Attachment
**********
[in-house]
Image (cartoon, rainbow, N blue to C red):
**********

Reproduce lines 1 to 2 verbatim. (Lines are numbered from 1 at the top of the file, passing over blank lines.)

[in-house]
Image (cartoon, rainbow, N blue to C red):